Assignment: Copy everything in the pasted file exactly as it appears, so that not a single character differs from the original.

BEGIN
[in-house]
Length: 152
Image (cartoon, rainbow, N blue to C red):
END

[in-house]
Length: 152
Image (cartoon, rainbow, N blue to C red):